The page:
The opinion of the court was delivered by: JOHN P. FULLAM, SR.
Plaintiff brought this action to recover damages which, she alleges, were caused when the defendants sexually molested her during her early childhood, when she was in their foster care. The defendants have filed a motion for summary judgment, seeking dismissal on the ground that the claims are time-barred by the applicable (Pennsylvania) two-year statute of limitations. 42 Pa. C.S.A. § 5524. The plaintiff asserts that the statute was tolled, and did not begin to run until December 1990 or January 1991 when a miscarriage, and psychotherapy associated with problems she was experiencing at that time, brought her repressed memories of the earlier incidents to her consciousness for the first time. Thus, in ruling on the pending motion, I am required to predict whether the Pennsylvania Supreme Court would decide that the "discovery rule" applies to the facts of this case.
In a somewhat similar situation, my colleague Judge Van Artsdalen undertook a comprehensive review of the state and federal cases on this subject and, in a thorough and scholarly opinion, concluded that the Pennsylvania courts would not permit equitable tolling of the limitations period in childhood sexual-abuse cases. Baily v. Lewis, 763 F.Supp. 802 (E.D. Pa. 1991).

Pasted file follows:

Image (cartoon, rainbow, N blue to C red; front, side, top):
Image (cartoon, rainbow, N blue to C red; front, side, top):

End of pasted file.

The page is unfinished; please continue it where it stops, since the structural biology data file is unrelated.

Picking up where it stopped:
As set forth in Judge Van Artsdalen's opinion, courts have dealt with two different types of fact-situations in this area: (1) where the plaintiff was aware of the tortious act at the time it occurred, but did not learn, until attaining adulthood, that the physical and psychological problems then being experienced had been caused by the earlier trauma; and (2) cases in which plaintiff's memory of the trauma was entirely repressed, and plaintiff had no conscious awareness of it until much later in life. Judge Van Artsdalen's survey revealed that a substantial majority of state courts have declined to apply the discovery rule to cases in the first category (Indiana, Montana and California; contra, North Dakota and Wisconsin). In the second type of case, a somewhat larger number of states would permit equitable tolling under the discovery rule (California, Michigan, Illinois, Washington (by statute); contra, Nevada and, perhaps, Florida).